There are no proper words to describe the heartbreaking sight of a malnourished child. No image on TV can prepare you for the sheer lightness of their bodies, their minuscule wrists, their over-sized, slightly bulging heads; the breathtaking shock of realising that the cute baby who looks newborn is actually nearly two years old.
Malnourishment is not something that enters our world very often. Ours is a place where 60 stone teenagers must be hoisted out of their homes by the local fire service because they no longer fit through their front doors: "neighbours had noticed food staff coming and going," said the article in the Independent earlier this week, "with everything from burgers to an array of Indian and other takeaways delivered on a regular basis."
It's a place where five-year-old girls worry themselves silly about being thinner, aspiring to a 'body ideal' that's estimated to be not physically achievable by 95% of the population.
Funnily enough, this body image is altogether more achievable in Burkina Faso, where many village women have beautifully thin figures, long legs, tiny waists and big heads, in their colourful printed boubous, and around 35% of Burkinabé children are stunted. I've always thought it ironic that while one half, my half, of the world is preoccupied with eating less, losing weight, exercising more and being as thin as possible, the rest are struggling to find enough food every day and spend a large amount of their time exhausted and hungry from the physical labour that makes up their daily routines; pounding millet (carefully copy the instructor in your zumba class and you have it), carrying water or walking a few miles to the local emergency nutrition centre.
No wonder, then, that the plump, smiling, shining lady nurses whom I met at one such centre in Djibo, northern Burkina Faso, giggled proudly as I took their photos.
"No, she is definitely not malnourished!" laughed Nurse Rosaire Toe, patting a beautiful, rounded young lady in red gingham on the shoulder as the others roared with laughter.
It is these ladies, who manage to be at once jovial, tender and reassuring, who run the centre, welcoming hundreds of young mothers every week who queue for hours to receive their rations of Plumpy Nut. Plumpy Nut is a highly nutritious form of peanut paste that has been developed to treat malnourished children, and comes in little red and silver packets that the ladies chuck into plastic buckets brought by the women. Then the ladies weigh the babies and measure their mid-upper arms with the simple colour-coded measuring band that tells them if the child has moderate acute malnutrition (a circumference of less than 12.5 cm) or severe acute malnutrition (a circumference of less than 11 cm). Put simply, when this band goes into the red, the circumference of that baby's arm is the size of my middle and index fingers.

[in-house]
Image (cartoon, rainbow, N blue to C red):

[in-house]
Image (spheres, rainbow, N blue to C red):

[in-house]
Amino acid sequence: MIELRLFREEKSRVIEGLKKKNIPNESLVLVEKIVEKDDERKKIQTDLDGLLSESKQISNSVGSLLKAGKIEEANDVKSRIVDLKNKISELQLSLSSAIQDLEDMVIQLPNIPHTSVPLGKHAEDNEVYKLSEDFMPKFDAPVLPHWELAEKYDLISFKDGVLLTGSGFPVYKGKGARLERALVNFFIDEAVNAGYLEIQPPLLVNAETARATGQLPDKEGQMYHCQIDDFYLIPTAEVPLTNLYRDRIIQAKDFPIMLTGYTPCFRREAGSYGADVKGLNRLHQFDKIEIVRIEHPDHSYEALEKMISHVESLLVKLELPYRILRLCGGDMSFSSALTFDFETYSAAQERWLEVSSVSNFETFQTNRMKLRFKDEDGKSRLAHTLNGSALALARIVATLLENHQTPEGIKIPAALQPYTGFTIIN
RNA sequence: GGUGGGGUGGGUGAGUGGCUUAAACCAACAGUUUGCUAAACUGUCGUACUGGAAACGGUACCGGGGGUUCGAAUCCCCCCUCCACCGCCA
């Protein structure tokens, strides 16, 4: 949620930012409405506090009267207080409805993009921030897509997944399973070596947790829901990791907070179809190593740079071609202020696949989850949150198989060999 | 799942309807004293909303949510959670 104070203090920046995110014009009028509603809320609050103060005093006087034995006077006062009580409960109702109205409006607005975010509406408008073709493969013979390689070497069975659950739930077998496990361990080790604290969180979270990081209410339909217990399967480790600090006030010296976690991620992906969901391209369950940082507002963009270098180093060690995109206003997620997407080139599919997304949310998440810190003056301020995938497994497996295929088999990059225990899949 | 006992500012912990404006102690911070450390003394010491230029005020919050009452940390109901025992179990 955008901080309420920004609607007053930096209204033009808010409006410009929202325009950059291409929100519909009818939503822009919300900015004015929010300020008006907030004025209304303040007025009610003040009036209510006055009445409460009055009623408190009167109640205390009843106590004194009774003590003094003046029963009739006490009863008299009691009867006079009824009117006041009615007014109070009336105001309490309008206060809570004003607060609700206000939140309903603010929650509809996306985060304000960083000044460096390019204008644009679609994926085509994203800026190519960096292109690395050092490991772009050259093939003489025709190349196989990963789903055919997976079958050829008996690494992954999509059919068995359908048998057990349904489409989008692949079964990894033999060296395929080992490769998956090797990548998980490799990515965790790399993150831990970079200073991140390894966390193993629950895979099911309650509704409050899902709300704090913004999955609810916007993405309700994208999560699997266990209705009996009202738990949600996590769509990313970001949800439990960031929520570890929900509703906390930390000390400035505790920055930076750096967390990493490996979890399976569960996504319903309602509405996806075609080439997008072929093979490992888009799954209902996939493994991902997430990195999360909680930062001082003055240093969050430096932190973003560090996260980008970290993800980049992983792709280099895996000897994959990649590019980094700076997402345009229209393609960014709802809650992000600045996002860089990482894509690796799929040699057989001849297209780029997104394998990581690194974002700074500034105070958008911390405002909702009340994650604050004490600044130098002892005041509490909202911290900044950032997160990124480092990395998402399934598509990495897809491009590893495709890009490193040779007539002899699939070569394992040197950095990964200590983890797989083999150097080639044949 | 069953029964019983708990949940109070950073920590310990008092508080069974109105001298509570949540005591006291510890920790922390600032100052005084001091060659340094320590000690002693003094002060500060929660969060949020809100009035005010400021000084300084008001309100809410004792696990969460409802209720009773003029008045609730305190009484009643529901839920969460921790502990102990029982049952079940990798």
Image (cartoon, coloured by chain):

"Sometimes I see these babies and it makes me want to cry," said the kindly Nurse Toe. "It's very difficult. We have a huge problem with malnourishment at the moment in this area."
The baby whose hand I held was called Abdrama. He was the tiniest baby I'd ever met and I thought he was a newborn, but Nurse Toe told me that he was actually 20 months old and bordering on malnourishment. She unfolded his little printed wrap and showed me his wrinkled little bottom, not plump and dimpled as a baby's should be, but sagging, the skin hanging off his tiny body. It was one of the most heartbreaking things I have ever seen.
As if the food crisis weren't bad enough, The Hunger Season has arrived in Burkina Faso and across the Sahel region of West Africa. I have capitalised this term because it seems to me that, as The Hunger Games flashes relevantly across our cinema screens in our fattened side of the world, the real situation deserves at least this grammatical importance.
The Hunger Season is that lean time from March until the next harvest in September when food is always scarce across the parched, water-scarce Sahel. This year, after consecutive bad harvests and the occasional devastating flood, there is nothing left. There are no supermarkets to raid and no emergency tins of beans in cupboards. There is, quite simply, nothing, and when the rains come in July, the roads will turn to mud and the lorries bearing boxes of Plumpy Nut will be unable to get in or out.
Thousands of refugees from Mali need food too; those surviving in the camps surrounding villages near Djibo. The babies, hundreds of them, have an uncertain future. I find, when I meet the mothers, that all the rest, the facts and the figures and the politics, go out of the window and I just want them all to be fed. These people are hungry and they need food. I guess it really isn't all that complicated.
"Cases of severe child malnutrition always increase during The Hunger Season", said Dr Unni Krishnan, head of emergency response for children's rights NGO Plan International, when I spoke to him, still emotional, back in the Burkina capital of Ouagadougou.
"You see, food and time is running out."
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